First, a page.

Striving to survive

More often than not reading a translation, however good, leaves a lot to be desired.

Published: 06th May 2017 10:00 PM  |   Last Updated: 05th May 2017 12:47 PM   |  A+A-

Express News Service

More often than not reading a translation, however good, leaves a lot to be desired. Even if the interpretation is as true as possible to the source material, certain things do tend to get lost in the process and this is the unmistaken feeling that engulfs you the moment you lay your eyes on Kautik on Embers. Translated from Marathi by Shanta Gokhale, the book is the English rendition of Marathi writer Uddhav J Shelke’s seminal classic Dhag that first came out in 1960.

The titular Kautik is the protagonist whose family is crushed by poverty and who has to struggle to keep her flock together. In a sense, the title captures Kautik’s fight for survival but unknowingly it also sets up a mood that the original title Dhag gives. Daunting as the translation might have been, something that Gokhale also mentions in her note. While Gokhale’s friend and playwright Mahesh Elkunchwar, forthrightly told her that the translation did not have the force of the original, Kautik on Embers not only conveys Shelke’s searing portrayal of poverty and discrimination that continues to haunt villagers in Maharashtra but to a great degree also gives the readers a fair idea of the strength of the writer’s terse prose.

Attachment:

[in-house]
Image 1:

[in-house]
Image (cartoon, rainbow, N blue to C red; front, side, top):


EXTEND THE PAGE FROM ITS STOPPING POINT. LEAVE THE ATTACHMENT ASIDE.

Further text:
The story of Dhag and Kautik on Embers might seem familiar, and even antiquated, but it continues to remain relevant even six decades after its publication. The story revolves around Kautik and how she in the absence of any initiative from her husband Mahadev, who often falls sick, has to fight poverty and keep their dignity intact. The Shimpi (tailor) by caste family is allowed to do only certain kinds of work if they cannot do their own. Kautik’s children, Bhima the rebel and Nama the obedient, suffer, and young Yashodi follows the endless cycle where the next generation’s hardships also begin at a young age.

In a paper on Shelke, Anand Patil mentions that while writing Dhag in the late 50s, Shelke was dealing with the recent past that demanded a very realistic mode. In any case, the book was a thematic extension of his own short story Maay (Mother) that was published in Satyakatha, the then Bombay-based magazine. The story depicted struggle of a mother who passed through insurmountable ordeals and it was Madhukar Keche, a poet in Amravati, who told Shelke not to waste Maay’s great content on a short story. Besides, Shelke, who also hailed from a Shimpi background, took inspiration from his struggles. He finished the draft in 1958-59 but no one was willing to publish it.

In the end, Shelke assured the publisher, Popular Prakashan, that he would not take any royalty if the book did not win any award. But it went on to bag a state government award. In fact, the book was often compared to Pather Panchali and the socio-economic context of Shelke’s prose made it resonate more with readers. Gokhale’s one worry while translating the prose was to not loose the original spirit. Right at the onset, you get an idea that Gokhale has managed to keep the soul of Dhag intact where lines such as the one where while making bhakris (flatbread) of coarse millet capture the local colour: “They might be accompanied by vegetables, and then again not.” 

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